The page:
No More Heroes Anymore? What does the phone hacking scandal say about the UK?

It’s hard not to be outraged by the tabloid phone hacking scandal that has engulfed the UK. Although the story has been bubbling around for a while, public indignation seemed to turn something of a blind eye when it ‘only’ affected celebrities, royals and politicians; the revelation that the families of murdered children and victims of terrorism were also hacked has unleashed a tsunami of outrage.

It’s a massive story, exposing the corruption of media figures, police and politicians, the response from whom seems to be along the lines of “I wasn’t there guv”, “I was just following orders” or “No-one ever listens to me.” No-one comes out of this particularly well, except then people who tenaciously ran down the story and (somewhat unexpectedly) Hugh Grant. A lot of the coverage seems to be based on who will be the scapegoat for the whole thing, but it just looks like a bunch of guilty (or at least complicit) cowards deciding which of their number will be thrown under a bus in the hope that the whole mess will go away before any more horror stories emerge.

So everyone’s shocked and horrified and indignant, but…

The BBC have just broadcast from a newsagents in Manchester. In the week that the scandal killed the News of the World, in the week that advertisers abandoned its toxic brand in droves, in the week that everyone was being encouraged to boycott the paper… Well, it turns out it’s been a sell- out. Well done Britain, that’ll show Murdoch!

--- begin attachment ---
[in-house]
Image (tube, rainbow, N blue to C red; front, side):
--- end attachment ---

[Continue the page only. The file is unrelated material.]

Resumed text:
(Yes, I know it’s an unscientific conclusion to reach, but I bet sales are a) pretty good, and b) a precursor to a whole bunch of copies appearing on eBay in the next few days.)

But that same broadcast was revealing for another reason. Two customers were interviewed: one said they didn’t buy the News of the World regularly but did when the front page contained something “sensational”; the other said they didn’t understand why the hacking had to take place at all. Thing is, the former response answers the latter, and raises questions about our complicity in this whole thing.

Let’s not kid ourselves, the stories obtained by phone hacking were the sort of things that sell papers: sex, scandal, tragedy. In the hands of the media, these things become commodities, and, like our clothes or our food, we consume day after day without asking too many questions about where the product came from. It’s worth remembering that it’s only been a week or so since Princess Diana would have turned 50, had she not been killed in an accident in which the paparazzi were a part. People are willing to take big risks to sell newspapers. It almost feels like the industry needs an ethical equivalant of the Fair Trade logo, but then I wonder how well Fairtade products sell against less ethical competitors…

This scandal should lead to wider questions about how we create and consume media, and hopefully these will go beyond looking at how great Twitter is at allowing us to express indignation in real time. We make choices every time we consume a media ‘product’, and successful businesses react to those choices. We never asked for Milly Dowler’s phone to be hacked; what we have done is fail to ask whether a footballer’s affair is really front page news, or where all those bits of information or ‘anonymous spokesmen’ came from. There comes a point when we get the media we deserve – maybe that’s the most important lesson from a scandal that could – should? – change the UK.


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